3 Easy Steps to Take Advantage of Your Homestead Exemption


By Michael J Posner

Over 300,000 new people became Florida residents in 2017, continuing a growth trend that shows no signs of slowing.  With the new tax act squeezing many residents of high tax states in the northeast, the trend of continued population growth in the sunshine state is only expected to rise in 2018.  Many new residents purchase new homes or convert their previous vacation or second homes in Florida into their primary residence.  If this purchase or conversion is completed by December 31, those new residents may be eligible to apply for a Florida Homestead Exemption the following year.

Florida has two types of homestead:

  • The first is set forth in the Florida Constitution under Article X, Section 4, which is an automatic provision to protect homeowners from claims of creditors or spouses who exclusively hold title, and to insure that a surviving spouse is not made homeless. This protection is automatic based upon purchasing a house, condominium or cooperative and making it your primary residence.
  • The second form of homestead is known as the Homestead Exemption, and it is also set forth in the Florida Constitution under Article VII, Section 6, which provides a financial exemption from real property taxation of up to $50,000 in home value. Additional exemptions are available for veterans over 65, low income senior citizens, surviving spouses of a veteran or first responder that died in the line of duty, and certain disabled persons.

Unlike the first type of homestead, the second form requires that the homeowner make application with the county’s property appraiser in a timely fashion.

  1. The first condition is that the property was your actual residence as of January 1 of the year you are applying for the exemption. This means you must have closed on the property before January 1 of the applicable year.  All applications must be submitted no later than March 1.
  1. In order to make a homestead application you will need to submit proof of residency. Proof includes a Florida Driver’s License or Florida ID if you do not drive, showing the address of the homestead residence.  Keep in mind that Florida law requires a resident who changes his address to obtain a replacement driver’s license with the new address within 30 days of the change.  If you own a car, proof of registration showing the address of the homestead residence is required.  Out of state residents that move to Florida with a vehicle are required to register that vehicle in Florida and obtain a Florida license plate. The registration card must show the primary residence.  All changes of address must also be reported to the Department of Motor Vehicle within 30 days of the change. Finally, a voter registration card with the primary residence address must be produced, if registered to vote.
  1. In addition, if the registrant is moving from a state without selling their former residence, issues can arise due to the old home retaining a homestead status in the prior state. The previous homestead status must be cancelled before obtaining a Florida homestead as this state does not allow or recognize two homesteads, and the cancellation would have to be done in the year prior to the first year claiming a Florida homestead exemption.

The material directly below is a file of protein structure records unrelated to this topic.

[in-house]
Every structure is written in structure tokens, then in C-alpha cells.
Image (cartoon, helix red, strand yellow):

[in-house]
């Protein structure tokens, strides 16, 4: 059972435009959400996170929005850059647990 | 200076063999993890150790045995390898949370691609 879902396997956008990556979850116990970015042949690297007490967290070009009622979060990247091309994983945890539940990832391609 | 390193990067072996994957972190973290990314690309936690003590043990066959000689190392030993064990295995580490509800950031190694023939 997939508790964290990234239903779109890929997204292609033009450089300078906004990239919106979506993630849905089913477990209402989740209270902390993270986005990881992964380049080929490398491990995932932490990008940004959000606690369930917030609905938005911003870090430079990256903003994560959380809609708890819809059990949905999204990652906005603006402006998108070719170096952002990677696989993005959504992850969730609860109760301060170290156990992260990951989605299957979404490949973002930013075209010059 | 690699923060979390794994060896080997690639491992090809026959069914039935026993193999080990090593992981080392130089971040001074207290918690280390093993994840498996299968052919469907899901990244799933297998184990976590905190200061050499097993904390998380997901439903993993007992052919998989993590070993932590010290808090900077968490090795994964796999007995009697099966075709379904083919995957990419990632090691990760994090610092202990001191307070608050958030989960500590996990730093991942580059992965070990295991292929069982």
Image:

Married couples who separate with one spouse relocating to Florida will have to prove that they have established separate family units in order to qualify for a Florida homestead while the other spouse maintains a separate homestead in another state.  The legal burden is high, but can be met by a showing of objective facts establishing that the spouses truly live apart.

Some people may be tempted by Florida homeowner exemption laws and try to skirt around the required steps only to face consequences later:

The unlimited creditor rights protection afforded by the Florida Homestead can drive people to relocate to this state.  However, simply buying a property and obtaining a driver’s license and voter registration card are not enough if you never intend to live in this state.  In a recent Palm Beach County case, a judgment debtor from California bought a Florida condo for 1.5 million in cash.  He also obtained a Florida driver’s license, voter registration card and a local library card.  Apparently the debtor was motivated to avoid a large judgment from a car accident.

However, at trial, the evidence showed that the debtor renewed his California driver’s license 11 days after obtaining his Florida driver’s license, never registered his car in this state, and, in what turned out to be the key evidence of lack of intent to move to Florida, was the debtor’s use of an access card at a Los Angeles gym, which showed that he went used more than 300 days in 2015 and over 150 days by mid-2016 (when he died).  His homestead was removed by court order and the judgment attached, allowing the creditor to obtain financial relief.

Michael J Posner, Esq., is a partner at Ward Damon, a mid-sized real estate and business oriented law firm serving all of South Florida, with offices throughout Palm Beach County.  Michael specializes in real estate law and business law, and can help with your homestead exemption and other real estate matters.  Michael can be reached at 561.594.1452 or by e-mail at mjposner@warddamon.com.

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